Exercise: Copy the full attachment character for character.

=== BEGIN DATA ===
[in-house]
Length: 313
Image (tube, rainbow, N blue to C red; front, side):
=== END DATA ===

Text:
[in-house]
Length: 313
Image (tube, rainbow, N blue to C red; front, side):